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Health System Management • January 2017

16 WWW.HEALTHSYSTEMMGMT.COM Over the years, as the demand for emergency healthcare services has increased, many emergency departments have been left overcrowded and struggling to effectively manage the patient throughput process. Under mounting pressure to operate more efficiently, reduce costs and improve the quality of patient care, many healthcare organizations are turning to data-driven approaches to optimize their emergency department (ED) performance. “Data-driven decisions in the emergency department are really the cornerstone of being able to manage and improve the way you’re going to run your department,” said Mark Feinberg, Managing Partner, Philips Blue Jay Consulting. His firm provides consulting to healthcare organizations to help them deliver high-quality care and improve their financial and operational performance in the ED, utilizing data analytics to improve processes BY KIRSTEN MALENKE Malenke is on staff at ADVANCE. Contact: kmalenke@advanceweb.com and outcomes. “Without accurate data,” Feinberg said, “everything that you’re trying to manage is subjective and anecdotal, so you really need meaningful data in order to make good decisions.” Many hospitals also struggle with transitioning from operating as a volume-based to a value-based business, and their process for doing so is a hot topic. However, whether an organization is volume-based or value-based, the goal of both types is to greet patients quickly, treat them effectively, utilize the resources they have most efficiently, provide the best possible care, and then either discharge or admit that patient as quickly as possible — without wasting any resources in the process. ASSEMBLING MEANINGFUL DATA To optimize the ED, it’s necessary for hospitals to have access to meaningful performance data. Typically, EDs access THINKSTOCK data through their electronic medical record (EMR) system — and some of these systems are better at providing information than others, Feinberg said. More than 1,000 hospitals subscribe to outside groups, such as the Emergency Department Benchmarking Alliance, which collect data on hospital and provider group performance that collectively represent ED operational performance. “Many organizations rely on retrospective data,” Feinberg said. “While that may not be ideal, it may be the only resource they have. Near-real-time or real-time data is much more relevant and can assist a team with both the decision to make the change, but also to monitor the effectiveness of the change.” Information optimization also requires standard metric definitions. A number of national organizations — such as the American College of Emergency Physicians and the Emergency Nurses Association — have attempted to standardize the PRIVACY/SECURITY HEALTH SYSTEM MANAGEMENT | JANUARY | 2017 Data-Driven Decision Making How employing a data-driven approach can lead to emergency department optimization THINKSTOCK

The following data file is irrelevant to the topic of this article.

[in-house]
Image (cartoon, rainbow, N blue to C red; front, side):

Health System Management • January 2017
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